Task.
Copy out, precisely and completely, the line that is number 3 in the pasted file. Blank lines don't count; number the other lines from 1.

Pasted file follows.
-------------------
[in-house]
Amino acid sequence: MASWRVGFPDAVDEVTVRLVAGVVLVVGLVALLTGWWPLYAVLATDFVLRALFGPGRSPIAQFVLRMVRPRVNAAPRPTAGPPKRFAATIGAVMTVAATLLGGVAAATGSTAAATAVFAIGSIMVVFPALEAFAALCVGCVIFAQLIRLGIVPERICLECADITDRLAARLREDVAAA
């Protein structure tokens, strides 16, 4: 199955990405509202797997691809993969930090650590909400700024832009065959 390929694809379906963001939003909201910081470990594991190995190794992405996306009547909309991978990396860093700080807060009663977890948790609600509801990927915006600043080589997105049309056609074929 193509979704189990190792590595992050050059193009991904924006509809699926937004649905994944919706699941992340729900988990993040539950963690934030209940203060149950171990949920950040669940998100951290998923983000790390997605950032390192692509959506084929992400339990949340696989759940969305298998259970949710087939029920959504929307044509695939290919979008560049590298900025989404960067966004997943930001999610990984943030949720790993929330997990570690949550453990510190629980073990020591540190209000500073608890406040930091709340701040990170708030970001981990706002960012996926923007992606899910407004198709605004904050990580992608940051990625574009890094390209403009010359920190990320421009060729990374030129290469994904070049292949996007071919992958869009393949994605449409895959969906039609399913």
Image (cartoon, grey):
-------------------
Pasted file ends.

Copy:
């Protein structure tokens, strides 16, 4: 199955990405509202797997691809993969930090650590909400700024832009065959 390929694809379906963001939003909201910081470990594991190995190794992405996306009547909309991978990396860093700080807060009663977890948790609600509801990927915006600043080589997105049309056609074929 193509979704189990190792590595992050050059193009991904924006509809699926937004649905994944919706699941992340729900988990993040539950963690934030209940203060149950171990949920950040669940998100951290998923983000790390997605950032390192692509959506084929992400339990949340696989759940969305298998259970949710087939029920959504929307044509695939290919979008560049590298900025989404960067966004997943930001999610990984943030949720790993929330997990570690949550453990510190629980073990020591540190209000500073608890406040930091709340701040990170708030970001981990706002960012996926923007992606899910407004198709605004904050990580992608940051990625574009890094390209403009010359920190990320421009060729990374030129290469994904070049292949996007071919992958869009393949994605449409895959969906039609399913």